Given the previous hand, I figured him to be passive and probably tight because he did bet but shut down when called on the turn and another over came on the river. I expected him to have a decent hand when he called preflop OOP, but on the flop I hit middle pair and fired a cbet because he could call with flush draws, straight draws, or maybe a 7 because him being tight was likely but not established this early. On the turn my bet was very weak looking back and would not have been likely to scare away any draw, I am thinking it would have been better to fire something in the range of 175-200 to charge draws if he was on one. Given the turn sizing, I had no new information on what he was holding. On the river a pretty bad card came out because 98 got there, as well as flush draws, and he still could have me beat with a better T or any Q so I just figured I had better check it back and see what he had rather than get into a situation where I either valuetown myself or get checkraised by a monster. I didn't see him calling with much worse when there is so many straight draws, a flush draw, and overcards to 2nd pair.

Should I have bet at this river for value or was checking back a better idea? When I saw his hand I immediately thought I'd lost value but reviewing this hand I think it was better that I not bet at it.

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With middle pair (good kicker) against a tight player I'm usually looking for 2 streets/bets for value. In this situations are a lot of draws on the board so i would go for my two streets on the flop and turn.

I would cbet bigger in this spot 120-150, and something like 230-260 on turn/ or checking behind on turn and calling/betting river when no obvious draws complete

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Definitely bet larger on the turn, you want to charge the passive draws here and weaker pairs. He can certainly have a stronger hand here (evidenced by the way he played QQ previously) but you should be ahead of his range enough to place a solid value bet, and he should be calling with enough pairs/draws to make that a good bet.

Back to hand 1, I like a stab at those type of flops often, by default, against an unknown player. If you do check, betting the turn isn't a bad idea either, it gives you fold equity as opposed to check/calling with 5 hi, hoping to hit 8 outs (16% liklihood) and losing almost every other time you miss those outs. Basically you're winning the pot with the possibility of more value 16% of the time, 12% of the time you hit a pair and may win at showdown but may also get value bet and lose more chips, and the other 72% of the time you have 5 hi and lose. Information or not, that's probably not a good bet to call!

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Women to shave heads for breast cancer

taranaki daily news

Last updated 11:55, October 21 2017

Katherine Pollard, Heather Fendall and Sallie Barr (pictured) will shave their heads alongside Natalie Douglas in an effort to raise money for breast cancer.

When Heather Fendall discovered she had breast cancer in August she decided she had to shave her head.

"I don't want to lose my hair, I don't want it falling out - I decided I wanted to get it shaved off," Fendall said.

She wanted make the most of the shave and try to raise money for the Breast Cancer Foundation. Little did she know she would have company.

On Saturday Fendall and three of her friends will be shaving their head in Hāwera to fundraise and raise awareness around breast cancer.

Katherine Pollard, Sallie Barr and Natalie Douglas will join their friend for the shave.

"We wouldn't let her do it on her own," Pollard said.

"As soon as Heather said she was going to get her hair shaved, I was like 'I'll do it with ya', it was like you didn't even think twice."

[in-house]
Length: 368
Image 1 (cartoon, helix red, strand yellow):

Barr set up the Take Action fundraising page for her friend.

She encouraged people to "give up buying a coffee or beer" for the day and donate to the cause instead.

Fendall said they had a goal of $500.

"I just thought if I can do my bit to raise money for some research or to help someone else who doesn't have money."

She has always been proactive with regular checks, and wants to encourage others to do the same.

"I just want people to be aware, check yourself, get mammograms."

The women will be doing the shave at 9am on Saturday October 28 at Mane Street Hair at 209 High Street, Hāwera.

The encourage people to come along, donate some money, watch and even join the shave if they please.

If you wish to donate online the link is Heather Fendall's Page.

Before and After: Celebrities with shaved heads

Before and After: Celebrities with shaved heads From Vivienne Westwood to Cate Blanchett

As Vivienne Westwood unveils her newly shorn locks, we look back at the celebrities who have undergone this dramatic transformation.

We first saw Vivienne Westwood's new look when she stepped out to take a bow after her autumn/winter 14 catwalk show. Whilst her reasons for shaving her famous orange locks are unknown, she and her feather headdress pull it off with aplomb.

Back in 2002, before she was a double-Oscar winning actress and was best known for her role in a small film series known as The Lord of the Rings, Cate Blanchett appeared in Tom Tykwer's film Heaven and consequently shaved off all her hair. It is reported she loved the look and the 'feel of the wind on [her] bald head'.

Another star to shave her head for the cameras, Demi Moore went for the chop as part of her role as a Navy Seal recruit in Ridley Scott's 1997 picture G.I. Jane.

To the despair of many, Karen Gillan, best known for her role in Doctor Who, shaved off her enviable auburn locks to play villianess Nebula in upcoming superhero film Guardians of the Galaxy.

In one of 2012's most talked about film moments, Anne Hathaway had her shaved on screen during a harrowing scene for Les Miserables. A few months later she won an Oscar for the role proving that every cloud truly does have a silver lining.

Never one to shy away from a new style challenge, Jessie J had her shaved live on television for Comic Relief - a venture that raised more the £500,000 for the charity.

Probably the least dramatic change in our list, Cynthia Nixon has sported very short locks for as long as anyone can remember. However, she still managed to shock when she became completely bald for her role as cancer sufferer Vivian Bearing in Margaret Edson's play Wit.

Natalie Portman was lauded for her performance in 2005's V for Vendetta, which saw her have her head shaved live on camera. "Some people will think I'm a neo-Nazi or that I have cancer or I'm a lesbian," the actress mused afterwards.

Charlize Theron originally lost her locks for the 2013 film Mad Max 4: Fury Road. Despite going along with the look initially, Theron was said to be (understandably) annoyed when she was asked to shave it again a year after production ended to reshoot a handful of scenes.